So things got wacky in seventh grade today—the good kind of wacky. Lots went on, but during a chunk of class we rocked a discussion about Euler diagrams and Venn diagrams. Here’s the handout I gave them. We talked about the ways in which Euler diagrams and Venn diagrams are the same and different. I shared some about Euler and about Venn and about Branko Grünbaum and about Khalegh Mamakani and Frank Ruskey.

We also made a diagram of Euler diagrams and Venn diagrams, which is of course an Euler diagram itself. So meta! (See below.) Some kids were so charmed by this idea.

The other Euler diagram below brought up the issue of why one might prefer to use an Euler diagram rather than a Venn diagram in a particular instance. For example, it’s nice to be able to show that animals and minerals are disjoint categories, and that four-legged animals are a subset of all animals. If you instead try to apply a Venn structure to these three categories, some funny things happen. Not wrong things—right things, in fact!—but for some purposes they are certainly distracting things. We had fun coming up with examples. A particularly fun moment was when the lightbulbs went on in several kids’ heads about what has four legs but isn’t an animal (or mineral). We tweaked “chair” to “wooden chair” once we added in “marble chair” for the intersection of “four-legged” and “mineral.”

And of course, who could fail to delight in the four-legged mineral-animal that is the Horse Rock Pokémon?!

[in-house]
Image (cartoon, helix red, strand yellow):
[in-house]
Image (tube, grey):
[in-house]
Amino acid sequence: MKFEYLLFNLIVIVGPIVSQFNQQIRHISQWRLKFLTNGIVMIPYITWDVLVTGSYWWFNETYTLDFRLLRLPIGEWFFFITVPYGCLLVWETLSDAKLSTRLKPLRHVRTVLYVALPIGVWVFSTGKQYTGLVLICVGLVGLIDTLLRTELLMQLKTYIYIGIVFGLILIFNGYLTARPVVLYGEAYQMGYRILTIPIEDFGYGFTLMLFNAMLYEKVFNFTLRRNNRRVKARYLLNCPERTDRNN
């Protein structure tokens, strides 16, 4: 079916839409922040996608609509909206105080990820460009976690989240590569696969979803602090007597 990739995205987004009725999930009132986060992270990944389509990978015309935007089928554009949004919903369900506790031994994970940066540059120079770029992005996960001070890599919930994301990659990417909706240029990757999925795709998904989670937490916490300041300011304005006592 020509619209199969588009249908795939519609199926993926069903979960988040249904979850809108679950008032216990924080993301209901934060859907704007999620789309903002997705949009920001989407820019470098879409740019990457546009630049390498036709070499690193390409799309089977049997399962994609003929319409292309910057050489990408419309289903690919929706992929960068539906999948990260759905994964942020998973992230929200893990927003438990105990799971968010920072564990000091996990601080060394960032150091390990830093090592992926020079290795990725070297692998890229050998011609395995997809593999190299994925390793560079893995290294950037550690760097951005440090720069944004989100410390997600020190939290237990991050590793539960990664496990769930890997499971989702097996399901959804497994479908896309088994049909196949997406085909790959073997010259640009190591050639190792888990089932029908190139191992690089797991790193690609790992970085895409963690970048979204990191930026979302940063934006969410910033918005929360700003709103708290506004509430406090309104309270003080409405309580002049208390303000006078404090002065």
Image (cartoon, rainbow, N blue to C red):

This is a sensible scheme. Ours? Less sensible, but more laughable. |

An Euler diagram of Euler diagrams! It’s Venn-ception! I hope Bertrand Russell doesn’t see this… |

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I totally see how Euler Diagrams are a subset of Venn Diagrams, but if a Venn diagram has empty regions, they can indicate subsets equally well, no?

Couldn’t the relation be summarized by a Venn diagram where one circle is Venn, the other is Euler, and the Venn-not-Euler is empty? I’m playing now.

You can totally do that. The information in any Euler diagram can be expressed as a Venn diagram where some of the regions are empty. But this will often be clunky—the fact that Euler diagrams are more streamlined and flexible is, I’d say, a big part of their appeal. If we’re talking about making simple, satisfying (with an eye to necessity and sufficiency) presentations of information, Euler’s often the way to go.

Though of course Venn diagrams have their own many charms.

I had the thought that an Euler diagram can be thought of as a reduction of a Venn diagram, and that this reduction process is kind of like a homotopy. The empty regions just get sucked up.

Thanks, as always, for reading and commenting!